Dir: Sophie Fillières. France. 2014. 102mins

If You Don't, I Will 1

“What have we become?” asks Pomme, heroine of If You Don’t, I Will (Arrête ou je continue). “Your parents,” sniffs her husband. That sums up one of the curious characteristics of Sophie Fillières’s wry marital comedy-drama, and its theme of young generations settling into comfortable middle age. In the 1990s, actors Emmanuelle Devos and Mathieu Amalric were at the forefront of a wave of young performers associated with up-and-coming directors such as Arnaud Desplechin; today, they’re such well-loved faces on the French screen that their very presence in a film functions as a reassuring stamp of quality.

There are few surprises, but the two stars are in fine fettle, if not on their edgiest form.

This situation will certainly benefit Fillières’ film both at the domestic box-office and on the export market, but it also betokens a certain middle-aged cosines and familiarity. This well-turned film from the maker of Gentille and Un Chat, un Chat is intelligent and passably witty, but not remotely cutting-edge.

The leads play a Lyon-based couple, Pomme and Pierre, who after many years together are finding the magic fading - and much tension gathering in the cracks. Life seems a routine business of meeting old friends, doing exercise together and taking occasional woodland hikes. But Pierre seems permanently testy, and to be spending an inordinate amount of time with young TV newswoman Mettie (de la Baume).

Meanwhile, Pomme has recently been operated on for a benign brain tumour, but in between contemplating her return to work and fussing over her young adult son (Delapalme) is finding the demands of life and fading love too much to handle. When a hiking weekend doesn’t turn out as planned, she ditches Pierre and - in an improbable move on which the film has to stand or fall - takes to the woods for an extended spell of sleeping rough among the elements.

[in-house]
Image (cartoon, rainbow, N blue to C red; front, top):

If you can believe Pierre simply shrugging off the situation while Pomme sleeps on logpiles or down holes in the ground - at one point, wrestling a confused chamois goat - then you’ll have overcome the main obstacle to seeing the film as a bundle of mature wit and charm. There’s certainly plenty to like besides the performances - elegant design, relaxed pace, and some gorgeous but low-key outdoor visuals. But often the characters’ behaviour seems too obviously an eccentric conceit on which to hang what’s basically a routine middle-class mid-life crisis comedy, albeit one with wit and feeling.

There are few surprises, but the two stars are in fine fettle, if not on their edgiest form. The normally likeable Amalric gives a creepier turn than usual to the self-absorbed Pierre, while Devos - who arguably scored a career best in last year’s literary biopic Violette - is unfailingly watchable. This is a very physical performance, with pratfalls and nude scenes alike, but she also gives a nervy spin to the less-is-more ethic, playing vulnerably deadpan to eloquent and winning effect.  


Production company: Pierre Grise Productions

International sales: Les Films du Losange, www.lesfilmsdulosange.com

Producer: Martine Marignac

Screenplay: Sophie Fillières

Cinematography: Emmanuelle Collinot

Editor: Valérie Loiseleux

Production designer: Manu du Chauvigny

Music: Christophe

Main cast: Emmanuelle Devos, Mathieu Amalric, Anne Brochet, Joséphine de la Baume, Nelson Delapalme